‘Mugabe or die’
Like thunder rumbling out of Africa, journalist Peter Godwin talks of the menacing buildup of violence that precedes voting in Zimbabwe.
There is a surreal mix of desperation and hope; intimidation and fear; courage and cowardice. Women are gang-raped, men are shattered by torture, hospitals overflow with the maimed.
“There is always an uptick in violence and oppression in the teeth of an election,” Mr. Godwin says. “In the last few months, we’ve reached that point in the cycle where we see more pressure, more arrests, cyclical violence.
“Since the national unity government began, some 27 months ago, more than a quarter of the opposition MPs have been imprisoned,” he notes.
Just last week, a dozen students, trade unionists and political activists in Harare were arrested for watching Al Jazeera and BBC news reports of the uprisings that have swept the Arab world.
They were accused of participating in an illegal meeting that aimed “to subvert a constitutionally elected government.”
In April, the opposition minister responsible for national healing, reconciliation and integration in the power-sharing unity government was imprisoned for five days. His crime: He had attended an “illegal memorial service” to mark the murders of 20,000 Ndebele civilians in the 1980s by troops loyal to Robert Mugabe, the Zimbabwean President.
Since mass protests began to topple despotic Arab governments, Mr. Mugabe’s regime has intensified a crackdown on dissidents and banned several public meetings and marches. With elections slated for next year, his backers are, once again, on the offensive.
Mr. Godwin, in Toronto this week on a book tour, says he fears Zimbabwe may be heading for a replay of the violence that ravaged the country in 2008. Born and raised in Zimbabwe, where he has been a policeman, a lawyer and a journalist, working for the BBC and London’s Sunday Times, he says he became a stenographer of the country’s suffering.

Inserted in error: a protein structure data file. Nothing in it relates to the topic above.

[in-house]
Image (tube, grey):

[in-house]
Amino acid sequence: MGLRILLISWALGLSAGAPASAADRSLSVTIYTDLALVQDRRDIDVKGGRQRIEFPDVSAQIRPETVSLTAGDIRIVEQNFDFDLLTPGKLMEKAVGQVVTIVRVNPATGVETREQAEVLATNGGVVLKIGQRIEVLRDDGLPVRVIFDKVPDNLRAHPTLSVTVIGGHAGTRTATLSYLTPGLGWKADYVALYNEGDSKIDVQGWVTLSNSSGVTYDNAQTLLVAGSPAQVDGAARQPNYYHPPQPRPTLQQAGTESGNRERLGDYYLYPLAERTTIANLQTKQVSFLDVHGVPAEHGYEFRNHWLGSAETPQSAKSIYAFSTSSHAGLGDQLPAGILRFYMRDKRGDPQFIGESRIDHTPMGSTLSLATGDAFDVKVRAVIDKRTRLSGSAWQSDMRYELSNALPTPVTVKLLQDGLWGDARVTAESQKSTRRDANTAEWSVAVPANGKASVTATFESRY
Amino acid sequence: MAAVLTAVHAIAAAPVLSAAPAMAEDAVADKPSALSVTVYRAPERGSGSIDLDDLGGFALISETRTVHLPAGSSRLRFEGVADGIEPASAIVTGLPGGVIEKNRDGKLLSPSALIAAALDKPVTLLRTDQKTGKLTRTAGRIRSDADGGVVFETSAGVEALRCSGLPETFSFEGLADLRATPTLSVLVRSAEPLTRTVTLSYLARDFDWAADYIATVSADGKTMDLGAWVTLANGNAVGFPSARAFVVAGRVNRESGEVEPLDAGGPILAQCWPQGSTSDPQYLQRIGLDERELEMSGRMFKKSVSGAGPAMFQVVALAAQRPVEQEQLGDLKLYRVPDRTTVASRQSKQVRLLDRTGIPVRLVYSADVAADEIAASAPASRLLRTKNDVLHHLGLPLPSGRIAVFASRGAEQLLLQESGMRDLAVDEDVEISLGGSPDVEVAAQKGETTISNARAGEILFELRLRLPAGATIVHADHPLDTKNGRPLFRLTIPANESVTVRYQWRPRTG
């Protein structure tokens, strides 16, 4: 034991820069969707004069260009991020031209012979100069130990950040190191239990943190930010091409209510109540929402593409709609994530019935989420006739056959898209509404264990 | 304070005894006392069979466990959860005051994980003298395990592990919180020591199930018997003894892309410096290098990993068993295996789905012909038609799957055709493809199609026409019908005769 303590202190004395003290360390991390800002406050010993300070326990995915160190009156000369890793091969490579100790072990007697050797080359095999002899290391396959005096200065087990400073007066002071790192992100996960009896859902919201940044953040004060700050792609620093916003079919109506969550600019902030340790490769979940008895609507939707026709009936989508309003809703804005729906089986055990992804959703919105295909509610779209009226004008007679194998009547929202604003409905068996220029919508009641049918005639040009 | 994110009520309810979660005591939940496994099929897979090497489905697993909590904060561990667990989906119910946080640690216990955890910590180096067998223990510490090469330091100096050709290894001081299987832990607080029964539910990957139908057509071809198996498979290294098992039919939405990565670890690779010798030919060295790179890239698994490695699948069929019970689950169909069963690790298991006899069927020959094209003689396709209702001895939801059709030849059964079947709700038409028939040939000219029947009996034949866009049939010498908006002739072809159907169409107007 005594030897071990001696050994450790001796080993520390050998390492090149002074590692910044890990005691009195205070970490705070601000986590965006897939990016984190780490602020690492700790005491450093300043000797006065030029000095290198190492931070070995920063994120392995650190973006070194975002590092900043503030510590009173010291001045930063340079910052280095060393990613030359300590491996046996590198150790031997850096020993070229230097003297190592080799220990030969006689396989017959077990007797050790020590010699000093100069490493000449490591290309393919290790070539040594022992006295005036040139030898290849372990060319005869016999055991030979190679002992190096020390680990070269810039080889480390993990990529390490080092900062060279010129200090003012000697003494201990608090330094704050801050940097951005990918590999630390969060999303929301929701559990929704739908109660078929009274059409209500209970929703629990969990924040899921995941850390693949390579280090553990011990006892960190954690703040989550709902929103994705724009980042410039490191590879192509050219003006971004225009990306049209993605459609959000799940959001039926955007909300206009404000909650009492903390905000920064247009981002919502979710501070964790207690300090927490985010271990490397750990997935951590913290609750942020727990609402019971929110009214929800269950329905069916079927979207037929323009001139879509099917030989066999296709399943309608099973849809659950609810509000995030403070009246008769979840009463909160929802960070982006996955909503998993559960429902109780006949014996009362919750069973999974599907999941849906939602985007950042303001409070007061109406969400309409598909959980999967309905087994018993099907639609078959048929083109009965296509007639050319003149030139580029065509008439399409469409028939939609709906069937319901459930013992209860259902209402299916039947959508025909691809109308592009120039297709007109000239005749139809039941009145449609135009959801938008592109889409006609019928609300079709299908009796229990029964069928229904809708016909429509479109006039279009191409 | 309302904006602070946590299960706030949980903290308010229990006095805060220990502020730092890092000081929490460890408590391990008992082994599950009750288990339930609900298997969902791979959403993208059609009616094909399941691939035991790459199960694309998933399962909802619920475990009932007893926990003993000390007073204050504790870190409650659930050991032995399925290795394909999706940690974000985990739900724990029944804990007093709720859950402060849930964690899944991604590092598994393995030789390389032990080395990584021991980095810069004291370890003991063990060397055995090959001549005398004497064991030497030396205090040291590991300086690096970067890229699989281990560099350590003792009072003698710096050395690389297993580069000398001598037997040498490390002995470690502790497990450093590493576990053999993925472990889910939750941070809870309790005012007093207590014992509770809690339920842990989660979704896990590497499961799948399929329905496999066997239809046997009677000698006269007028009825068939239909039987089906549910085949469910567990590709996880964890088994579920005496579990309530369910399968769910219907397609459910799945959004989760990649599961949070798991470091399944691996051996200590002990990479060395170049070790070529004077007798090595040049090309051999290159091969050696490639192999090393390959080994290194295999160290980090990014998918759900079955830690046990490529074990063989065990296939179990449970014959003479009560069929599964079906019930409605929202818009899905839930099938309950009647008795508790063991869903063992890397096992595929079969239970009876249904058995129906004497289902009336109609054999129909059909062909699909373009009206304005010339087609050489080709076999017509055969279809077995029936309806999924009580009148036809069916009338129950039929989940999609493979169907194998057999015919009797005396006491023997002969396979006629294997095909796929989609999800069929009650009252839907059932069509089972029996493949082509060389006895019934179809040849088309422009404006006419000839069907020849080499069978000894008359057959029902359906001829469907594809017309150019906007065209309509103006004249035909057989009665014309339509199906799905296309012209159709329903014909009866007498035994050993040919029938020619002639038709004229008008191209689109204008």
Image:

His three memoirs document Zimbabwe’s descent from one of the most beautiful and bountiful lands in Africa to a man-made disaster.
In 1996 he wrote Mukiwa: A White Boy in Africa, a memoir of his boyhood in white minority-ruled Rhodesia, where his father ran a factory and his mother, a doctor, organized a rural health clinic. This was followed by the 2007 bestseller, When the Crocodile Eats the Sun, which catalogued the catastrophes that accompanied Mr. Mugabe’s evolution into a brutal dictator.
Now, his latest book, The Fear: Robert Mugabe and the Martyrdom of Zimbabwe, describes in brutal detail the horrors of the 2008 elections.
When he returned to Zimbabwe in 2008 on an assignment for Vanity Fair magazine, Mr. Godwin thought he was coming “to dance on Robert Mugabe’s political grave.” Zimbabweans had voted against the octogenarian dictator. The reasons were not hard to seek, he writes.
“Once they enjoyed the highest standard of living in Africa. Now their money is nearly worthless, halving in value every 24 hours. Only 6% of workers have jobs. Their incomes have shrunk to pre-1950 levels. They are starving. Their schools are closed, their hospitals collapsed. Their life expectancy has crashed from 60 to 36. They have the world’s highest ratio of orphans. They are officially the unhappiest people on earth and they are fleeing the shattered country in the millions -an exodus of up to a third of the population.”